Use Engine Braking To Save On Your Brakes
Engine braking is when you shift your car into a lower gear to do the braking for you. When in this lower gear, the RPMs of your car will go up and you won’t have to rely on your brakes to keep your speed down. This is not harmful to your engine at all and is a safe way to reduce overall wear and tear on your brakes.
Use The Brake Pumping Method
Brake pumping allows you to keep your brakes from wearing down too quickly.
For example, if you’re going down a hill and are picking up speed too quickly, instead of pressing down on the brakes continuously, you will hold the brakes for a couple of seconds, then release them.
Before you start to pick up speed, apply the brakes again. This method stops the brakes from overheating and burning as fast as they would if you were to sustain your braking down the entire hill. Engine braking is preferred over brake pumping whenever possible because you wouldn’t be using your brakes at all.
Of course, you could coast down the hill if you know the terrain well enough and can navigate it safely.
2. Engine Overheating
If you’re driving in an area with really high temperatures or your car wasn’t recently serviced, an overheated engine is a possible issue. There are a couple of potential causes of an overheated engine.
If your vehicle is running low on fluids like coolant or oil, the engine will start heating up quickly. You can avoid this ahead of time by stocking your vehicle with extra motor oil and radiator coolant before your trip. If you don’t have any on hand, you can stop at the first gas station you see.
If the fluid levels are normal and your vehicle is still overheating, you may have bigger issues. It might be a malfunction of the radiator as a whole or damage to the seals throughout the engine. If you believe this to be the case, you should locate the nearest rest stop and take a thorough look at your car.
3. Flat Or Shredded Tires
As mentioned previously, a routine maintenance schedule is important to eliminate the risk of issues on road trips, which is especially important with your tires. Nothing can kill the joy of a road trip more than a flat tire or worse, a shredded tire on the side of the road.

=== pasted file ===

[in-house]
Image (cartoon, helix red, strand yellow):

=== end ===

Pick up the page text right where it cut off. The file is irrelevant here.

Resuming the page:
There are a few precautions you must take to ensure your tires last the entire trip.
Check Your Tire Pressure Every Stop
It’s important to check your tire pressure after several hours of driving, which is especially important in hot temperatures on asphalt. When the tires get hot, air expands and the tire pressure will go up, which increases the risk of a blowout and can lead to unnecessary tire wear.
Don’t Forget Your Spare
Before you leave for your trip, you need to triple-check that you have a working spare tire. If you lose a tire and don’t have a spare, you may have to take an expensive tow truck ride to the nearest auto shop.
You should also brush up on your tire-changing skills before you leave to make sure that you can change a tire if you have to.
Road trips aren’t bad for your cars at all. The most important thing is to make sure that you keep a routine maintenance schedule and get your car looked at prior to going on your trip. If you have those two things down, you are well on your way to a beautiful, driving experience.
- City-Data: Is it bad for the car to drive it across the country (trucks, Texas)
- Motor and Wheels: Do Cars Need Rest During Long Trips?
- Road Trip Expert: Do Cars Need Rest on Long Road Trips